A look at some current and upcoming exhibitions as we usher in the new year
Asian Civilisations Museum
A trio of new exhibitions are now showing at the Asian Civilisations Museum (ACM) till Feb 28. Together, the three exhibitions spotlight the community of people behind one of the pioneering galleries in the region to specialise in pan-Asian cultures through stories gathered from staff, tenants, partners, artists and collectors.
Faith Beauty Love Hope — Our Stories, Your ACM presents more than 60 treasures from ACM’s extensive collection. Displayed at the Special Exhibitions Gallery on level two, the showing offers visitors the opportunity to experience these objects both physically and emotionally, as they read anecdotes and musings from the ACM community. These include contributions from a conservator, a security supervisor, student volunteers and museum director Kennie Ting, among many others.
At a time when we are separated from loved ones due to geographical and physical distancing measures, technology has allowed us to stay connected through memories and renewed conversations. A digital presentation will accompany the exhibition, featuring other pieces handpicked by ACM’s staff and partners.
Meanwhile, Perfect Stranger is a contemporary installation by Singaporean artist Dawn Ng, greeting visitors with a vast sea of paper washed in a gradient of words and colour. Acting as a narrative time capsule, the installation stems from her daily question and answer project in 2016, where she exchanged thoughts with a stranger — Israeli psychologist Zehavit Efrati, who was based in Singapore at the time — every day over the course of a year.
First shown in 2018, this iteration presents the work in its entirety for the first time, staged in the artist’s originally conceived format. Visitors are invited to choose their own adventure here, as they are free to weave between the artworks into Ng’s world and reflect on their own sense of time, sense and self in 2020.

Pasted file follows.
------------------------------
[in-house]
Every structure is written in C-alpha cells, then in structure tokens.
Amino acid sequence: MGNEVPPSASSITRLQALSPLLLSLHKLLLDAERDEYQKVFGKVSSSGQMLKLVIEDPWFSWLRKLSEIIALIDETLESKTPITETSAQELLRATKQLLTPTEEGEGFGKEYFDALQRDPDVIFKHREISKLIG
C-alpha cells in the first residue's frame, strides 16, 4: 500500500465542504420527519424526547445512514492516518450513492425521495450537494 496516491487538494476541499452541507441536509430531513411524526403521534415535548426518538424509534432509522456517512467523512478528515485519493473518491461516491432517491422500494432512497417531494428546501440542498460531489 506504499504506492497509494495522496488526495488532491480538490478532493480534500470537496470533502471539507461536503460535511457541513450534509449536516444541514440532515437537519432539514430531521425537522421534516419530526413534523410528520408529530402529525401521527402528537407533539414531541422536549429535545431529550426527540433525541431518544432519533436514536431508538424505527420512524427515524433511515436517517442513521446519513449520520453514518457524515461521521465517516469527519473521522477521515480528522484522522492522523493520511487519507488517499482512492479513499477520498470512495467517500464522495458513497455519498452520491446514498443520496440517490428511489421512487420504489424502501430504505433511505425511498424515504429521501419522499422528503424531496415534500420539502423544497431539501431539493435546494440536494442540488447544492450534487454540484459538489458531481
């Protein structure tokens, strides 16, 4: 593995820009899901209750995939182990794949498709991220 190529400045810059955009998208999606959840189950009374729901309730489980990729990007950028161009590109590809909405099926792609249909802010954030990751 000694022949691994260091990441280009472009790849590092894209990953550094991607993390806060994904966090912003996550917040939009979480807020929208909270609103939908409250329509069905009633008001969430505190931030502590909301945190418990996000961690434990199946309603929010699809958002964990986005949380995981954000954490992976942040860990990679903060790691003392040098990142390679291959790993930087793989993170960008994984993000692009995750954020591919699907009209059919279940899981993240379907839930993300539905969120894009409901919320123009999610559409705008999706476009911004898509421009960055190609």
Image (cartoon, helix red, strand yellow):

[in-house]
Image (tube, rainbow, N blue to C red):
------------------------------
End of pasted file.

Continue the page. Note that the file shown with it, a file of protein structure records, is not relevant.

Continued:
Finally, thINK: Chinese Calligraphy, Connoisseurship and Collecting will see ACM marry contemporary history with the collection of long-time lender to ACM Dr Yuan Shao Liang, who has supported the museum since it first opened at the old Tao Nan School at Armenian Street in 1997.
Twenty-three objects were selected from Dr Yuan’s extensive collection as well as books and letters from important personalities from the Ming and Qing dynasties. The exhibition aims to evoke personal responses towards the act of remembering and collecting, as visitors are introduced to human relationships, political sentiments, military affairs and antiquity trading via the Chinese ink and literati pieces.
thINK: Chinese Calligraphy, Connoisseurship and Collecting will run till Apr 25. For more details, visit www.nhb.gov.sg/acm
Singapore Art Week 2021
Jan 22 to 30
Singapore Art Week (SAW), Singapore’s annual festival often seen as the peak of Asia’s visual arts calendar, is set to take over the island this month.
Running from Jan 22 to 30, SAW 2021 will celebrate the coming together of Singapore’s art community, celebrating resilience, innovation and solidarity.
Staying true to SAW’s theme of Art Takes Over, the ninth edition of the festival will be presented for the first time in a “blended format”, with over 100 programmes across both physical and digital platforms, allowing audiences from around the world to discover and experience Southeast Asian art.